I have not been personally *afraid* of what the gov't will do, even when we discovered we owed $2K for last year -- they can cope, they'll listen to reason. I have been *afraid* of insurance companies, I have had to experience direct physical pain because of their decisions -- like, for instance, not approving a medication I need before a weekend. Or the time when my coverage lapsed for a month, and I had to cut back on my meds to skirt the edge of illness. Or my husband being in constant knee pain but the company not having agreed to surgery for him, because it hasn't hurt *enough* yet.

You say the government works by coercion and the frequent threat of violence, but I honestly do not see that as realistic threat. The threat I feel from medical insurance companies is direct and personal, a matter of my daily health. What Kate Michelman is experiencing -- what Gary Farber here is, for another -- is closer to a literal life-and-death struggle.

Are you saying that this isn't familiar to you, either personally or in people close to you?

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Thursday, April 16, 2009

Domestic violence

Over the past week or so there's been an interesting and emotional series of posts in the political blogosphere about domestic violence, which I guess kicked off with :Linda Hirshman talking about Morgan steiner's book Crazy Love.


Why do they stay? (April 10) Must-read.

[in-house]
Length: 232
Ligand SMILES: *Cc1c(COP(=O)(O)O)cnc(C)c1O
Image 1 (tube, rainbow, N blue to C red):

Battered Women: The Sequel (april 13)

And another thing (April 15).

Ta-Nehesi Coates:

When You Love Someone Who Chokes You

Abuse and Responsibility (april 9). Must-read.

Battered Women and Responsibility, Pt. 2 (april 14)

Rambling, rambling, and more rambling (april 15)

On Last Note on Spousal Abuse (April 15)

I can't remember if I posted multiple times, but I've certainly read a lot -- these posts, and their *voluminous* comments. My comment on hilzoy's latest post, for the record:

It's not often that I disagree with Jes[urgislac] by being the *more* radical feminist one, but this time I do.

in any discussion of partner abuse, domestic violence, I agree it's probably better to attempt gender-neutral language - difficult though that is.

Abuse of women by male partners is objectively worse (=more likely to lead to murder, for instance) but also *different* from abuse of men. It is different because it has been -- historically, and in many cultures or subcultures still is -- endorsed. It is expected, it is normal, it is something (some proportion of) men feel entitled to do. They feel that way because other people back them up.

The problem of humans getting violent with their intimate partners is probably eternal. The super-problem here, the over-arching problem, is that one particular sort of violence is tolerated, endorsed, classified as "chastisement" or business as usual. IMHO treating female-on-male abuse as the equivalent of socially-endorsed male-on-female abuse is a way of directing attention away from the social factors, and in particular from the way that *we*, the rest of society, are complicit.